- The Dimetrodon was a big predatory reptile with a tail and a large sail or fin-back. It is often mistaken for a dinosaur, but it's actually part of our mammalian lineage and more closely related to mammals than reptiles, which is seen in its specialized teeth for stabbing meat and skull features that only mammals and their ancestors had. It probably moved around like a lizard and had a jawbone made of multiple bones, like a reptile.
Dinosaurs and birds
- The classic fossil of Archaeopteryx, sometimes called the first bird, has a wishbone (fully fused clavicle) which is only found in modern birds and some dinosaurs. But it also shows impressions from feathers on its body, as seen on many of the theropod dinosaurs from which it evolved. Its body, capable of flight or gliding, also had many of dinosaur features — teeth (no birds alive today have teeth), a long bony tail (tails on modern birds are entirely feathers, not bony), long hind legs and toes, and a specialized hand with long bony fingers (unlike modern bird wings in which the fingers are fused into a single element), Prothero said.
- Sinornis was a bird that also has long bony fingers and teeth, like those seen in dinosaurs and not seen in modern birds.
- Yinlong is a small bipedal dinosaur which shares features with two groups of dinosaurs known to many kids — ceratopsians, the beaked dinosaurs like Triceratops, and pachycephalosaurs, known for having a thick dome of bone in their skulls protecting their brains. Yinlong has the thick rostral bone that is otherwise unique to ceratopsians dinosaurs, and the thick skull roof found in the pachycephalosaurs.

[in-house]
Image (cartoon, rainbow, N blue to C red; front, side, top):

- Anchisaurus is a primitive sauropod dinosaur that has a lot of lizard-like features. It was only 8 feet long (the classic sauropods later on could be more than 100-feet long), had a short neck (sauropods are known for their long necks, while lizards are not), and delicate limbs and feet, unlike dinosaurs. Its spine was like that of a sauropod. The early sauropods were bipedal, while the latter were stood on all fours. Anchisaurus was probably capable of both stances, Prothero wrote.
Fish, frogs, turtles
- Tiktaalik, aka the fishibian or the fishapod, is a large scaled fish that shows a perfect transition between fins and feet, aquatic and land animals. It had fish-like scales, as well as fish-like fin rays and jaw and mouth elements, but it had a shortened skull roof and mobile neck to catch prey, an ear that could hear in both land and water, and a wrist joint that is like those seen in land animals.
- Last year, scientists announced the discovery of Gerobatrachus hottorni, aka the frogamander. Technically, it's a toothed amphibian, but it shows the common origins of frogs and salamanders, scientists say, with a wide skull and large ear drum (like frogs) and two fused ankle bones as seen in salamanders.
- A creature on the way to becoming a turtle, Odontochelys semistestacea, swam around in China's coastal waters 200 million years ago. It had a belly shell but its back was basically bare of armor. Odontochelys had an elongated, pointed snout. Most modern turtles have short snouts. In addition, the roof of its mouth, along with the upper and lower jaws, was equipped with teeth, which the researchers said is a primitive feature for turtles whose mugs are now tipped with beaks but contain no teeth.
- Charles Darwin's Legacy
- Gallery: Drawing Dinosaurs
- All About Evolution
Live Science newsletter
Stay up to date on the latest science news by signing up for our Essentials newsletter.
Robin Lloyd was a senior editor at Space.com and Live Science from 2007 to 2009. She holds a B.A. degree in sociology from Smith College and a Ph.D. and M.A. degree in sociology from the University of California at Santa Barbara. She is currently a freelance science writer based in New York City and a contributing editor at Scientific American, as well as an adjunct professor at New York University's Science, Health and Environmental Reporting Program.